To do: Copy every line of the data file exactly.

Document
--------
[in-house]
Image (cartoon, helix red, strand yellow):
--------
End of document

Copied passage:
[in-house]
Image (cartoon, helix red, strand yellow):